To illustrate:

She wants to try the new ice cream.

She wanna try the new ice cream.

Are both equally common in everyday speech? What's an example where "wanna" would sound weird or out of place? (Still, in informal speech.)

  • 8
    Well "wanna" is a short form (slang) for "want to", not "wants to". So in your example it is not an appropriate usage. – mfoy_ Sep 22 '15 at 13:59
  • @mfoy_ the second example is still used quite frequently in informal speech in the US and is also common in rap and country music genres. – landocalrissian Sep 22 '15 at 14:20
  • Ah, I guess the answer to OP then is "They are both common, but in different dialects of English, so not quite 'equally'...". – mfoy_ Sep 22 '15 at 15:47

In certain dialects of AmE, notably urban black dialects, "wanna" is correct (in that dialect) 3rd person singular. From the article on African-American Vernacular English on Wikipedia:

Present-tense verbs are uninflected for number/person: there is no -s ending in the present-tense third-person singular. Example: She write poetry ("She writes poetry").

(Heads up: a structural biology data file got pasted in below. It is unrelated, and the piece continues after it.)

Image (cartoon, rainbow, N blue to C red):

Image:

He wants to try the new ice cream.

Urban (African-American):

He want to try the new ice cream

So it would not be surprising in the contraction you mention that the urban dialect would yield

He wanna try the new ice cream.


"wanna" is a common pronunciation of "want to". The "nn" is not usually pronounced like "n", but is rather a nasal flap -- a very short sound. "wanna" is not used when there was originally a word or phrase between the "want" and the "to" ("Louise is who Joyce will want [Louise] to/*wanna eat ice cream").


For me, "wanna" sounds normal in (1) and weird in (2):

(1) Who do you wanna visit?

(2) Who do you wanna visit Fred?

In linguistics, we would normally put a * in front of the sentence in (2) to indicate that it is weird, and that we think it's weird because it is syntactically ill-formed. Note that (2) is not mean to be a question addressed to Fred, e.g. (3):

(3) Who do you wanna visit, Fred?

(3) is of course not at all weird, but it's not what is meant in (2). Instead, it's the same sentence as (1) with the addressee's name tagged on the end. These examples come from this website, which offers a clear explanation for the unacceptability of (2).

I would guess that (2) is a weird use of "wanna" for all native speakers of English, regardless of dialect, but that is an empirical claim, and the only way to know for sure would be to test it out with an experiment.

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